Donald Trump is likely to rescind a program that protects nearly 600,000 children brought in to the United States illegally by their parents, the Dreamers, from deportation. Trump’s decision on Deferred Action for Childhood Arrivals could be announced as early as next week.
The move would come on the heels of Trump’s decision to pardon Joe Arpaio, the sheriff who prided himself on the concentration camps he built for illegal immigrants. Arpaio was convicted in 2011 after a judge ruled that he had willfully violated a 2011 injunction that barred his officers from questioning Latino motorists on a flimsy suspicion that they may be illegal immigrants.
Reports streaming in from the White House have suggested nothing concrete yet. White House spokeswoman Sarah Huckabee Sanders said the Obama-era policy is currently “under review.” The Department of Homeland Security has also forwarded a report to Trump, advising him on the best course of action. POTUS also met with Attorney General Jeff Sessions to discuss the issue.
Several of Trump’s interests and statements are at loggerheads regardless of the decision he takes. During his election campaign, Trump notoriously called Mexican immigrants “criminals and rapists,” a statement that has come to define his attitude regarding illegal immigrants. Moreover, he promised an anxious and insecure voter base to scrap all of President Obama’s executive orders on immigration, including the DACA.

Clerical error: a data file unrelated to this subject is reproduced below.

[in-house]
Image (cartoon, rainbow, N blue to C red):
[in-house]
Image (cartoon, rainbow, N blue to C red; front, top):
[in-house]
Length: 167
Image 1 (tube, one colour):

However, Trump seems to have changed his tone ever since. In an interview with ABC earlier this year, he assured Dreamers that he has a "big heart," and will "take care of everybody." There are also elements in the White House, most notably Trump’s daughter Ivanka and son-in-law Jared Kushner, who don’t think rescinding DACA is the wisest option available to the POTUS.
According to McClatchy, some White House officials have advised Trump to use DACA as a bargaining chip in order to further other campaign promises, such as the U.S.-Mexico border wall, increased detention facilities and an E-verify system for employers.
As another week approaches, both sides are mounting pressure to advance their agenda. Already, 10 Republican state attorneys general have urged the POTUS to stop DACA from going forward, pledging to legally challenge DACA if Trump fails to rescind the program.
The 10 who signed the letter represent the states of Texas, Louisiana, Alabama, Nebraska, Arkansas, South Carolina, Idaho, Tennessee, West Virginia and Kansas.